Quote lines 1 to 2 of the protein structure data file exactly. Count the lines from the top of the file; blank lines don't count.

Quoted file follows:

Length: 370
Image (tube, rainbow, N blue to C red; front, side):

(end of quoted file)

Length: 370
Image (tube, rainbow, N blue to C red; front, side):